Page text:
- Department of Orthopaedic Surgery, University of Toyama, Toyama, Japan
- Department of Neurosurgery, University of Toyama, Toyama, Japan
- Department of Diagnostic Pathology, University of Toyama, Toyama, Japan
Department of Neurosurgery, University of Toyama, Toyama, Japan
DOI:10.4103/sni.sni_221_17Copyright: © 2018 Surgical Neurology International This is an open access article distributed under the terms of the Creative Commons Attribution-NonCommercial-ShareAlike 3.0 License, which allows others to remix, tweak, and build upon the work non-commercially, as long as the author is credited and the new creations are licensed under the identical terms.
How to cite this article: Miho Zaimoku, Yoshiharu Kawaguchi, Shoji Seki, Yasuhito Yahara, Naoki Akioka, Johji Imura, Tomoatsu Kimura, Satoshi Kuroda. Sporadic hemangioblastoma of the film terminale with peritumoral cyst. 10-Jan-2018;9:2
How to cite this URL: Miho Zaimoku, Yoshiharu Kawaguchi, Shoji Seki, Yasuhito Yahara, Naoki Akioka, Johji Imura, Tomoatsu Kimura, Satoshi Kuroda. Sporadic hemangioblastoma of the film terminale with peritumoral cyst. 10-Jan-2018;9:2. Available from: http://surgicalneurologyint.com/surgicalint-articles/sporadic-hemangioblastoma-of-the-film-terminale-with-peritumoral-cyst/
Background:Spinal hemangioblastoma originating from the film terminale are rare tumors. Here, we present a film terminale hemangioblastoma and review the appropriate literature.
Case Description:A 37-year-old female presented with bilateral lower extremity pain without a focal neurological deficit. The magnetic resonance (MR) image demonstrated an intradural spinal tumor at the L1 level, which was accompanied by peritumoral cysts. In addition, there were multiple surpentine flow voids (e.g., consistent with torturous and convoluted vessels), which is typical for hemangioblastoma. At surgery, a spinal hemangioblastoma originating from the film terminale with peritumoral cysts at the L1 level was fully excised without producing a focal postoperative neurological deficit. Histological examination revealed stromal cells with vacuolated cytoplasm and small nuclei in a rich capillary network accompanied by several enlarged vessels. These finding were compatible with a hemangioblastoma.
Conclusions:We reported a rare case of a hemangioblastoma originating from the conus presenting at the L1 level. Complete surgical resection was accomplished without any motor deficit.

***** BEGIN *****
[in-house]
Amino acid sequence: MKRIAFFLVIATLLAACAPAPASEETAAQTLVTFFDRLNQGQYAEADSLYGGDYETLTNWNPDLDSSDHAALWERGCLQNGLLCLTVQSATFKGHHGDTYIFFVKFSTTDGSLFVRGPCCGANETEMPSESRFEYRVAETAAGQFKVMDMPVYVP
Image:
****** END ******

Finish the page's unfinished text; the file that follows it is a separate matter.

Keywords: Film terminale, hemangioblastoma, indocyanine green videoangiography, peritumoral cyst, surgical resection
Spinal hemangioblastomas are rare tumors that account for approximately 3% of all intramedullary spinal tumors. They are often associated with von Hippel Lindau (vHL) disease. Spinal hemangioblastomas predominantly occur in the cervical and thoracic cord[
A 37-year-old female presented with bilateral lower extremity night pain for 2 months without any focal neurological deficits, including normal sphincter function. She had no family history of central nervous system (CNS) tumors, and screening for vHL disease was negative. The MR imaging demonstrated an intradural spinal tumor at the level of the conus (L1). The tumor was 8 × 6 mm and isointense on both T1-weighted (T1) and T2-weighted (T2) MR images [
Surgical excision of hemangioblastoma of the conus.
The patient underwent an L1 to L3 laminectomy. Under the operative microscope, the dura and arachnoid were opened, revealing a reddish tumor originating from the conus accompanied by cranial and caudal peritumoral cysts [Figure
The histological examination of the tumor was consistent with a hemangioblastoma; it revealed stromal cells with vacuolated cytoplasm and small nuclei in a rich capillary network with several enlarged vessels; there were no mitotic elements [
There are only 11 case reports of conus hemangiolastomas in the literature.[
Spinal angiography/embolization for hemangioblastomas
Spinal angiography is useful for detecting the location and vascularity of spinal hemangioblastomas tumor. In this case, it documented the hypervascularity of the lesion. It was also helpful in planning the surgical resection. Biondi et al. performed preoperative embolization in 4 cases with hemangioblastoma of the lower spinal region and determined it to be useful.[
Pathology/surgery for hemangioblastomas
Hemangioblastomas are benign tumors that should undergo partial/complete resection, as dictated by their location. The use of ICG videoangiography effectively identifies the feeding and drainaging vessels, facilitating tumor resection.[
We presented a rare hemangioblastoma arising from the film terminale associated with cepahald/caudad peritumoral cysts. The preoperative routine/enhanced MR readily documented surpentine flow voids of torturous/convoluted vessels characteristic for hemangioblastoma. Surgical resection was accomplished without preoperative embolization, and the patient exhibited no permanent neurological deficit.
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Conflicts of interest
There are no conflicts of interest.
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